South Africa

Timeline created by amber.c
In History
  • 3 BCE

    South Africa before Europeans

    South Africa before Europeans
    Some of the oldest evidence of humankind has been found in South Africa, dating back 3.5 million years. Some evidence including prehistoric cave paintings indicating habitation by organised human societies.
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    The Great Trek

    Migration of over 12,000 Dutch Boers. They wanted to be free of English rule, who had abolished slavery in 1933. Slaves where something the Dutch heavily befitted from. Conflict was heavy between Boers and South African tribes along the way. This trek also became a vocal point for Afrikaner Nationalism in the 1930s.
  • Discovery of diamonds and gold.

    Discovery of diamonds and gold.
    Diamonds and gold were discovered in South Africa in the late 1860s. This dramatically altered the economic and political structure of South Africa.
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    Scramble for Africa

    European countries seized control of different parts of South Africa. The country was discovered to be full of raw materials that could be exploited.
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    Boer war

    A war between the British Empire and the Dutch Boers. The catalyst for this battle was the discovery of Diamonds and gold in Boer states, which dramatically altered the economic structure of South Africa. Early months of the war was triumphed by Boer victories. However, due to Britain's determination to win, they used dirty tactics like concentration camps to get there way. Even people back in Britain shaming their tricks. In the end, Britain won.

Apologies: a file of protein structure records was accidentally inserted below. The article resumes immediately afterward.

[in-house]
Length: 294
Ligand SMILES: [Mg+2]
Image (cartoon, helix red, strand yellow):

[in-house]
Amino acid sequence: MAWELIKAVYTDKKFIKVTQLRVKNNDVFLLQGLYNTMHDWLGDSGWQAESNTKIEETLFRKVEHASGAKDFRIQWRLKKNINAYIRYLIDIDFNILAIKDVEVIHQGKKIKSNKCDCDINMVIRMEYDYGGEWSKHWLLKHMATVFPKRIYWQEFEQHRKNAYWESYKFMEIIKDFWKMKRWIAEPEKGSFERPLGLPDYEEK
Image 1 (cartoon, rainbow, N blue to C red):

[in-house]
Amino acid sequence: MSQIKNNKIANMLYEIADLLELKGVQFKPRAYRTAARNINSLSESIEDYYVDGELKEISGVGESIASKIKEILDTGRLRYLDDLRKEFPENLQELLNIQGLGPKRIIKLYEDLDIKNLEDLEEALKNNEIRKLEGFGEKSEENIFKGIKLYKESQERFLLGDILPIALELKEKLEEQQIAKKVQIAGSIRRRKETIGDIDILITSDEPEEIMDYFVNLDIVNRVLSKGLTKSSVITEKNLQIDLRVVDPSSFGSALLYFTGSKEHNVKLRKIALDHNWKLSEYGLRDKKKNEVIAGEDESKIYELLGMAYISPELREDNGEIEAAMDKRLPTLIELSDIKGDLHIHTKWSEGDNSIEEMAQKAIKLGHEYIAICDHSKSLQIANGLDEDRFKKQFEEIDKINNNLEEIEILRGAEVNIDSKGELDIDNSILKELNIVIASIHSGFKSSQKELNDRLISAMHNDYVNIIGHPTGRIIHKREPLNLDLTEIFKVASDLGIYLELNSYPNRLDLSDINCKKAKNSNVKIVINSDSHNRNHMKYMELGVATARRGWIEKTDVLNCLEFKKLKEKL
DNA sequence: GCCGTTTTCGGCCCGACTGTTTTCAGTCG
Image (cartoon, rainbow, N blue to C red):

• Treaty of Vereeniging

    Treaty of Vereeniging
    Signed after the Boer war. The Boers would lose their independence as they became subject to the authority of King Edward VII. Were promised self-government though.
  • ANCYL is formed

    ANCYL is formed
    Walter Sisulu forms in ACNYL
  • National Party wins the election

    National Party wins the election
    The National Partys triumph is due to many reasons, mainly poor opposition, nationlism, industrialisation and more.
  • Start of the Apartheid Legislation.

    Start of the Apartheid Legislation.
    When every aspect of South African life was determined by race. The legislation aimed not only to separate whites and blacks, but to also oppress South Africans.
  • ANCYL takes control of the ANC

    ANCYL takes control of the ANC
    After the 1949 ANC conference, ANCYL took control of the organisation. [Picture- Anton Lembede, founding president on ANCYL]
  • ACT- Prohibition of Mixed Marriages Act

    ACT- Prohibition of Mixed Marriages Act
    Mixed Marriages made illegal
  • ACT- Immorality Act

    ACT- Immorality Act
    Sexual relations between different ethnic groups was make illegal. Could be convicted for 5 years.
  • ACT- Group Areas Act

    ACT- Group Areas Act
    Each racial group designated to a particular area to live. Act responsible for the forced eviction of 3.5 million Africans. Lead to the destruction of many mixed towns like Sophiatown. The African population only resided a small, heavily overcrowded, percentage of South Africa
  • ACT- Popular Registration Act